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March 26    Scripture

People - Ancient Egypt: Amenhotep IV / Akhenaten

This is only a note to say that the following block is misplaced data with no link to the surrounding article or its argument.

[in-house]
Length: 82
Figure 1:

NEW KINGDOM 18th Dynasty (1350-1334) Extreme prosperity and renaissance in art and building projects mark the beginning of this period. Towards the end of the 19th Dynasty the increasing power of the priesthood corrupts the central government. During the 20th Dynasty tomb robbing is done by officials. The priesthood becomes hereditary and begins to assume secular power. The government breaks down.